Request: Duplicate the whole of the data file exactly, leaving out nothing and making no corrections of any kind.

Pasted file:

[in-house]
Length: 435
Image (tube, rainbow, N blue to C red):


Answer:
[in-house]
Length: 435
Image (tube, rainbow, N blue to C red):